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Do Your Employees See You…as Human?

4 min read

Each day, I try to get out of my office and walk the halls. I take time to say hello to my employees in the hallways and in the break room. I ask them how their families are doing—their spouse, their kids, their pets—and what they did that week.

Do you remember being a child and seeing your teachers out at the local grocery store? It was absolutely jarring, right? As a child, you thought, don’t they live at the school?

In the same way, many senior leaders lock themselves in the corner office. Employees never see them—and never connect with them—except on a business level. As CEO, I feel it’s my job to be visible to my employees, not only as a leader, but also as a human being.

How do you do this? Here are three ways:

Walk the halls

I learned this lesson from my father. Dad worked at Phillips Petroleum and in 1975, he was sent to run a manufacturing subsidiary. His job was to turn operations around at two brick factories.

The general manager who ran the brick company was never on site. In fact, he ran operations from a suite of country-club-like villas miles away from the industrial complex. He was described as aloof and dictatorial, and drove to the office in the latest model company Jaguar when he was required to be there.

My dad operated differently. Upon arriving on site, he moved his office from the adjacent town onto the cramped factory grounds. He took away the fancy company cars and gave everyone, himself included, the same Ford sedan. But most distinctly, my dad walked the factory floor daily. He talked casually with the workers, alternately telling jokes, bonding over a beer or two, and asking for their opinions about manufacturing issues. Productivity and morale improved and the company, once in danger of being shut down, was able to take control of its own destiny.

Each day, I try to get out of my office and walk the halls. I take time to say hello to my employees in the hallways and in the break room. I ask them how their families are doing—their spouse, their kids, their pets—and what they did that week. I ask how the program we just completed went and if there was feedback. I casually check in.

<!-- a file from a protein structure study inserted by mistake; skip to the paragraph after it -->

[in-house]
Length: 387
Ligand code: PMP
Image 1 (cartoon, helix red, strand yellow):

By walking the halls, I’m able to build relationships. CEO’s, by the nature of our work, can find ourselves cut off from our employees in ways that make us unapproachable. By being visible and chit-chatting, I hope my employees feel that I’m available whenever they need.

Be social and sociable

I run a small company, so I know this isn’t feasible for everyone, but there’s nothing I love more than sitting down in our break room and having lunch with our employees. The conversation is about a variety of things, but it’s always entertaining. I also get to see employees who I don’t usually see because of the location of my office.

During the recession, we saved money on our holiday party by holding a potluck supper at my house. When times improved, the suggestion of returning to a catered event at a nice restaurant was emphatically overruled. Everyone loved getting together in my home where they see the complete me, along with the dog, pictures of my kids, and—when looking for the corkscrew—see that the boss has a “junk drawer” too! And no matter the social function, make that extra effort to connect with those you don’t often interact with at work. Listening to and telling personal stories in a personal setting builds bonds of teamwork and increased engagement.

Get on social media

Employees—not just the younger ones—are on social media. They are active on Facebook pages and will share big stories to their own personal networks.

I’ll be honest, I’m not the best when it comes to social media, (throw me a bone and follow me on Twitter) but I understand its power. We don’t do business with any of the people below, but I do appreciate how they authentically engage with their communities on social media.

  • Tom Erickson, Acquia: Acquia CEO Tom Erickson personally answers almost every review made about his company on Glassdoor. What impresses me most in Tom’s transparency is that he even takes the time to answer the negative ones. He explains his positioning, talks about future opportunities, and thanks employees for their feedback. Employees—and prospective employees—see that the CEO is listening and let know their voice is heard.
  • Santa J. Ono, University of Cincinnati: University of Cincinnati President Santa J. Ono has a unique ability to genuinely connect with his students, alumni, faculty, and parents and bring the Bearcat community together—all via Twitter. If you scroll through his feed, you will see his replies to students inviting him to attend games, lectures, plays, and more. Yes, his tweets tout the university’s research achievements, but it’s when he reaches out to upset students to see if they can come to a solution together that really hits the mark. Santa took the helm in 2012 and enrollment grew to 42,656 in 2013, and 43,691 in 2014. I’m not sure if Santa’s tweeting is having a direct effect on this growth, but one thing is for sure: something’s working.

Don’t be an email that your employees just send a report to. As a senior leader, get out of your office and show your human side.


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